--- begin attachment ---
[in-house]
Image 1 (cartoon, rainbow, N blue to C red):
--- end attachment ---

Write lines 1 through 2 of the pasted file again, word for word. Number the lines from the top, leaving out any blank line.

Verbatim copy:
[in-house]
Image 1 (cartoon, rainbow, N blue to C red):